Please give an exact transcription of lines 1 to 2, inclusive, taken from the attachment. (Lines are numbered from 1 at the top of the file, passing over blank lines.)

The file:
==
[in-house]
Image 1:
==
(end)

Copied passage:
[in-house]
Image 1: